After previously announcing plans to open up its Supercharger network, Tesla announced today that it’s asking automakers and charging networks to adopt its charging connector and charge port designs, calling it the North American Charging Standard. According to Tesla, since “it has no moving parts, is half the size, and twice as powerful as Combined Charging System connectors,” it’s the obvious choice for a charging standard similar to the one we have for USBs.
The press release points out that there are more than twice as many chargers using Tesla’s connector as there are CCS chargers, and its Supercharger network is 60 percent larger than every CCS charger combined. If companies actually agree to do this, drivers of other brands’ EVs would be able to use Tesla chargers, and Tesla drivers wouldn’t need an adapter to use non-Tesla chargers.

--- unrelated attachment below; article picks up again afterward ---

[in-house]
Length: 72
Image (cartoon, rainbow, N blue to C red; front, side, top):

On the one hand, trusting Tesla is a big risk for other automakers. Especially since Tesla CEO Elon Musk is busy doing his best to burn Twitter and $44 billion to the ground. But on the other hand, the current charging infrastructure for non-Tesla EVs sucks. Chargers are frequently broken, and it can be hard to justify owning one if you don’t have access to charging at home.
Can you make an EV work without home charging? Sure. I did it when I lived in LA for a while after someone mangled the charging cable I used at my apartment. Was it pleasant? Not at all. People love to block public chargers with their gas-powered cars, and even though Electrify America had already installed several chargers at the grocery store I frequented, they still weren’t online when I moved away.
Maybe there’s a catch that someone smarter than me can spot, but even if there is, it may still be worth it. The number of EVs for sale in the U.S. is only going to continue to increase, so it’s probably better to settle on one charging standard before they become even more widespread than they already are.